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An audit is the examination of the financial report of an organization. An audit is a systematic and independent examination of books, accounts, statutory records, documents, and vouchers of an organization to ascertain how far the financial statements as well as non-financial disclosures present a true and fair view of the concern. Due to strong incentives to misstate financial information, auditing has become a legal requirement for many entities who have the power to exploit financial information for personal gain. Traditionally, audits were mainly associated with gaining information about financial systems and the financial records of a company or a business.


Auditors of financial statements & non-financial information (including compliance audit) can be classified into three categories:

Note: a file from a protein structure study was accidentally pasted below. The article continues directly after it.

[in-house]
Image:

• External auditor/Statutory auditor is an independent firm engaged by the client subject to the audit to express an opinion on whether the company’s financial statements are free of material misstatements, whether due to fraud or error. For publicly traded companies, external auditors may also be required to express an opinion on the effectiveness of internal controls over financial reporting. External auditors may also be engaged to perform other agreed-upon procedures, related, or unrelated to financial statements. Most importantly, external auditors, though engaged and paid by the company being audited, should be regarded as independent.


  • Cost auditor/Statutory cost auditor is an independent firm engaged by the client subject to the cost audit to express an opinion on whether the company’s cost statements and cost sheetare free of material misstatements, whether due to fraud or error. For publicly traded companies, external auditors may also be required to express an opinion on the effectiveness of internal controls over cost reporting. These are specialized persons called Cost Accountants in India & CMA globally either Cost & Management Accountants or Certified Management Accountants.